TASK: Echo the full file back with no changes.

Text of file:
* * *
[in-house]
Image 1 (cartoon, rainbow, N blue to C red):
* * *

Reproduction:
[in-house]
Image 1 (cartoon, rainbow, N blue to C red):